This is why, I contend, that we have the author of Hebrews putting himself in the same category as believers in Christ, and thus seeming to put himself at one remove from the direct revelation of the gospel that came to the apostles--cf. 2:1 , "which we have heard"--a characteristic that seems to have inhibited Tyndale from fully accepting Pauline authorship (and has influenced many later commentators, such as those writing in Nelson's King James Study Bible: "...the strongest argument against Pauline authorship is found within the epistle itself. In 2:3 the author regards himself as one whose knowledge of Christ was secondhand. By contrast, Paul vehemently declares that his apostleship and message were directly from Jesus Christ "). But Paul could not allude to his closer knowledge of the gospel without revealing his authority for saying so, and hence his identity--thus prejudicing the Jews against his epistle immediately. (Contrast this with the first chapter of 1 John, where John contrasts his direct experience with that of those in the early church who received it through himself and the other disciples; such a personal experience could not be adduced by Paul in Hebrews without revealing himself, and indeed in the wisdom of God this vantage point from the believer's side, as it were, is instructive. We who cannot appeal to personal visual and aural witness of the Lord can still rest on what "we have heard"--for "blessed are they that have not seen, and yet have believed" [John 20:29].)
What seems especially odd, in my opinion, is that, given the reasonableness of the view that Paul wrote the epistle anonymously, and its credit through the ages among worthy men such as Scott, Scofield, and others, it has not been more widely circulated in current Bibles and Bible commentaries. Instead, such presentations as are found in the New Open Bible, the Ryrie Study Bible, and many others do not cover this view at all, and simply lead the reader to believe that there is no good reason to ascribe Hebrews to any one writer over another. (The New Scofield Study Bible even goes so far as to remove Scofield's own opinions on the issue as though they are not defensible, replacing them with an introduction that begins, "The Epistle to the Hebrews is an anonymous book. . ."!) This, I feel, gives short shrift to the available evidence.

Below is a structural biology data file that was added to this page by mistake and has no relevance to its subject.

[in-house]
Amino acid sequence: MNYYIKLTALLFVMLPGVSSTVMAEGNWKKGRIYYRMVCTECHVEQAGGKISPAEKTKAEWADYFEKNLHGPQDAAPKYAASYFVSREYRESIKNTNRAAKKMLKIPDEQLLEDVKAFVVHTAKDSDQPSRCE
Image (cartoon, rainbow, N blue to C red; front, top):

Finis Jennings Dake, Dake's Annotated Reference Bible. Lawrenceville, GA: Dake Bible Sales, 1963 ("Tenth Printing" of January 1992 used).
The Geneva Bible (facsimile of 1560 ed.). Columbus, OH: Lazarus Ministry Press, 1998.
Matthew Henry, A Commentary on the Whole Bible, originally published from 1706 to 1721. One volume unabridged edition: [Peabody, MA]: Hendrickson, 1991.
Interlinear Greek-English New Testament with a Greek-English Lexicon and New Testament Synonyms by George Ricker Berry. Grand Rapids, MI: Baker, 1982 (reprint of 1897 ed.). [Source of citations of Stephanus and Elzevir.]
New Open Bible Study Edition: KJV. Nashville: Nelson, 1990.
Charles Caldwell Ryrie, The Ryrie Study Bible (KJV). Chicago: Moody Press, 1978.
C.I. Scofield, The Scofield Reference Bible ["Old Scofield"]. New York: Oxford, no date (reprint of 1917 ed.).
Thomas Scott, The Holy Bible . . . with Explanatory Notes, Practical Observations, etc., Vol. 3 (covers the NT). New York: Collins & Hannay, 1832.
William Tyndale, Tyndale's New Testament, ed. David Daniell. New Haven: Yale, 1989.